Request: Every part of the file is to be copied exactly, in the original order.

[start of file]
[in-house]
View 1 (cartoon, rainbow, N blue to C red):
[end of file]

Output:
[in-house]
View 1 (cartoon, rainbow, N blue to C red):